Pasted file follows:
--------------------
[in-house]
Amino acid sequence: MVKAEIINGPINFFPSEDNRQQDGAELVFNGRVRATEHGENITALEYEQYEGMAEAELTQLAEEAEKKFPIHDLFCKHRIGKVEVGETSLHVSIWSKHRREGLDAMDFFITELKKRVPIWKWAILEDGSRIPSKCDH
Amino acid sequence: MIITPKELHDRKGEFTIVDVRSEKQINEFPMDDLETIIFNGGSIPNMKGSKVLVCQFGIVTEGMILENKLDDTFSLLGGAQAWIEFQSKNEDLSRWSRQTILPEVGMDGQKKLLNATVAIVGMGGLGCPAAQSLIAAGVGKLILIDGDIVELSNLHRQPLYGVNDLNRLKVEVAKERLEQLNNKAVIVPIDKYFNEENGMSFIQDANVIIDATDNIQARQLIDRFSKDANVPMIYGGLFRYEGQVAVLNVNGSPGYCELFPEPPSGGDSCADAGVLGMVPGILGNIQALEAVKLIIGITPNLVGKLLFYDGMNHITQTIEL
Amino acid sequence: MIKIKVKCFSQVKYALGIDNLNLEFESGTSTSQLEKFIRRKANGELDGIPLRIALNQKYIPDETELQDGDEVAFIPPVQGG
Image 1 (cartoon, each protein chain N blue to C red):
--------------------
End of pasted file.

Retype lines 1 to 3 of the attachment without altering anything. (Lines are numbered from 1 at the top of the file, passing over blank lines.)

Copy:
[in-house]
Amino acid sequence: MVKAEIINGPINFFPSEDNRQQDGAELVFNGRVRATEHGENITALEYEQYEGMAEAELTQLAEEAEKKFPIHDLFCKHRIGKVEVGETSLHVSIWSKHRREGLDAMDFFITELKKRVPIWKWAILEDGSRIPSKCDH
Amino acid sequence: MIITPKELHDRKGEFTIVDVRSEKQINEFPMDDLETIIFNGGSIPNMKGSKVLVCQFGIVTEGMILENKLDDTFSLLGGAQAWIEFQSKNEDLSRWSRQTILPEVGMDGQKKLLNATVAIVGMGGLGCPAAQSLIAAGVGKLILIDGDIVELSNLHRQPLYGVNDLNRLKVEVAKERLEQLNNKAVIVPIDKYFNEENGMSFIQDANVIIDATDNIQARQLIDRFSKDANVPMIYGGLFRYEGQVAVLNVNGSPGYCELFPEPPSGGDSCADAGVLGMVPGILGNIQALEAVKLIIGITPNLVGKLLFYDGMNHITQTIEL